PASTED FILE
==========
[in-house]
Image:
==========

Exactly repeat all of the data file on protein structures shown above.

[in-house]
Image: